Saturday, 24 November 2012

Bothal Todd's

After failing to once again to locate the Todd’s Canada Geese at QE2 this morning with LiverBirder despite scanning every goose and field in the area, I had another go this afternoon.

I was on my way anyway to visit family in Morpeth so we had a quick detour to Bothal Pond. 150+ Canada Geese were on the edge of the pond south of the farm. After scanning through I could see 3 obvious Todd’s Canada Geese- lifer. The main ID points were that they noticeably smaller than the surrounding Canadas, had thinner necks and longer bills, the back was nearly all brown and there was no white neck collar. After checking through again I think there may have been four birds in total but the flock was constantly moving and feeding so viewing was difficult at times. Also a leucistic Canada Goose was present amongst the flock.

Thursday, 22 November 2012

On our Todd's

I never thought I would see the day that I would be enthusiastically searching through a flock of Canada Geese but yesterday along with Holywell Birder, that’s exactly what we were doing.

We started our search for the two pairs of reported Todd’s Canada Geese at Woodhorn. The stubble field they had been in was goose-less when we checked so we quickly moved onto QE2. The only Canada Geese were a group of around 70 birds near the car park. After scanning through we realised how variable Canada Geese can be, some birds showed features of Lesser Canada Geese but none had all the correct features.
Next we checked the fields with the new turbines in Linton Lane, both Woodhorn flashes and surrounding fields but there were no Geese of any description at any of these sites.
The flock probably either joined the larger inland groups or flocks at the new open cast sites around Widdrington or Bothal Pond.

On our way back Cain had some business to deal with at Gosforth Park NR so we spent an hour on the reserve. The 8 Waxwings which had been feeding along the main path had disappeared by the time we got there but the woods were alive with tits crests and especially Treecreepers including 5 singing within the space of three trees. I have heard Treecreepers singing before but never for so long and I had never heard the endnote, which sounds similar to a Little Grebe.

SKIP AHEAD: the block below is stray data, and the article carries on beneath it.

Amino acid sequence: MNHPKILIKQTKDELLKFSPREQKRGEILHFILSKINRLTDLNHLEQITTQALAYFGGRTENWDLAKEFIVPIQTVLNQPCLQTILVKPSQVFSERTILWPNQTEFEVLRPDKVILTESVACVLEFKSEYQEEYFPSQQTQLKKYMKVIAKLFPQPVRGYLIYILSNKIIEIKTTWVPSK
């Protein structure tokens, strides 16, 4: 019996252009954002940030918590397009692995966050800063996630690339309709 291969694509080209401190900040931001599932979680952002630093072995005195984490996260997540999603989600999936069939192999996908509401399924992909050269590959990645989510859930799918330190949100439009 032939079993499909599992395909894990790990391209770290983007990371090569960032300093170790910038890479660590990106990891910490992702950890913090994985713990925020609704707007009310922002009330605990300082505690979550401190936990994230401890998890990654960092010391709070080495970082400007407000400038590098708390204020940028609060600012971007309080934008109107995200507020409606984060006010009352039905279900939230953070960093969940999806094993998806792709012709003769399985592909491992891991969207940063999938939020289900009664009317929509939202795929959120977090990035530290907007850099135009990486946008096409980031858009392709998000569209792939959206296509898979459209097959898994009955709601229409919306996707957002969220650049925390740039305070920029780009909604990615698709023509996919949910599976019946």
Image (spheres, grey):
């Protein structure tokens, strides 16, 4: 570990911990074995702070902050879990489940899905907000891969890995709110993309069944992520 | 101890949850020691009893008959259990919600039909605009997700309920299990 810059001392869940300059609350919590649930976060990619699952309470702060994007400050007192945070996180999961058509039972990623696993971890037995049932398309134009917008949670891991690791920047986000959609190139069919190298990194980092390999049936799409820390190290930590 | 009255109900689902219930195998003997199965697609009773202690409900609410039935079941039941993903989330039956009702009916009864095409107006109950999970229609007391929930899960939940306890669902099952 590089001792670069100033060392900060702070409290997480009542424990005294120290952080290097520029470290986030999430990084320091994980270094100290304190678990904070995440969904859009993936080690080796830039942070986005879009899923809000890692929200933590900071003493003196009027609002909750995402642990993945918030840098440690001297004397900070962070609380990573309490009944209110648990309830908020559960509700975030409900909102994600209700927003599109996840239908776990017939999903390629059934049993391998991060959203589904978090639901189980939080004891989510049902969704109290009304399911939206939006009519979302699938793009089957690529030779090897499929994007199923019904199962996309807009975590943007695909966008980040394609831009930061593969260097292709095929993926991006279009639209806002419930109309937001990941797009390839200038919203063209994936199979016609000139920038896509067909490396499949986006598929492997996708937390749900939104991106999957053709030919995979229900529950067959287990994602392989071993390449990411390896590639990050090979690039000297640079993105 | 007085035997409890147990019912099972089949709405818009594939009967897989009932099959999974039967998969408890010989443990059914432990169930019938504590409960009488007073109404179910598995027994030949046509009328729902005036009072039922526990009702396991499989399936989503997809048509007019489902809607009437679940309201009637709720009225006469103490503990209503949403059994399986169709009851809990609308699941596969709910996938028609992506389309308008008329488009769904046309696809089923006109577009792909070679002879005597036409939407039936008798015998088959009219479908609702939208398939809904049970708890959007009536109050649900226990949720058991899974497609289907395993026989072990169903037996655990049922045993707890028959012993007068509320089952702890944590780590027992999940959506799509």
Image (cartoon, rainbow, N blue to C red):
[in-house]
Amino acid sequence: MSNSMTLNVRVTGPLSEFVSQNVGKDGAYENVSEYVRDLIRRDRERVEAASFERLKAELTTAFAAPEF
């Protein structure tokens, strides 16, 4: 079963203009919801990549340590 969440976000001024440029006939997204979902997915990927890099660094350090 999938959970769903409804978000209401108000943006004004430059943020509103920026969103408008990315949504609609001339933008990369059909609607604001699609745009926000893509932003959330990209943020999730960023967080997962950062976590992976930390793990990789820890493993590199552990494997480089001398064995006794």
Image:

From the hide we could see hundreds of Wood Pigeons and Jackdaw going to roost along with some very vocal Jays. The pools were quiet but a Water Rail was squealing from the reed bed left of the hide.

Saturday, 17 November 2012

No Owls

Spent an hour at West Hartford from 3:30 until 4:30 yesterday. No sign of any owls as dusk turned to night but a pair of Goosander flew south over the pools and an impressive sight of 200+ Carrion Crows gathered on the pylons before going to roost along the riverside.

Wednesday, 14 November 2012

Bees Wax

It seems I’ve done most of my birding of late on housing estates. Last Sunday I was in Seaburn with SH and DMcK. After half an hours waiting the Bee Eater- lifer, finally showed. Over the next hour we got amazing views as it perched in some trees before hawking insects over the streets and then landed on an aerial. Also whilst we were waiting a Crossbill flew over.

Last tuesday by chance I was passing the Moor Farm roundabout between Cramlington and Annitsford when 30+ Waxwings were in the dead trees on the crammy side.

Later that afternoon I went down to West Hartford just in time to see 20+ Waxwing fly over the roundabout in front of the fire station. These were probably the same birds JM had the day before which I missed by a 5 minutes. Anyway that’s another one on my WH list and another first for the site this year.

On Sunday I was out locally for a few hours with SH. The highlight of the morning were 40+ Waxwings (not on a roundabout this time) on the Beaconhill estate. They were in the trees outside the community centre and commuted between the trees and the berry bushes opposite and down the street. They also fed on the ground and visited the puddles on the centre’s flat roof. More Waxwings were later seen near the windmill site and on the Bassington Industrial estate.

It was also the first time I had been to Arcot Pond in a while and the first time I had seen the wildfowl numbers, which have been building up over the last few months. No diving duck but plenty of dabbling duck with over 60 Wigeon, too many Mallard to count and the Coot count was almost at 90! I have never seen the numbers so large here lets just hope it continues over the winter and pulls something else in.